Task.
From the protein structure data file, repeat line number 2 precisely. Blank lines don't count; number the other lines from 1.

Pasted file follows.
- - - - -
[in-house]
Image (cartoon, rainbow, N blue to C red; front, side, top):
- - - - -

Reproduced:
Image (cartoon, rainbow, N blue to C red; front, side, top):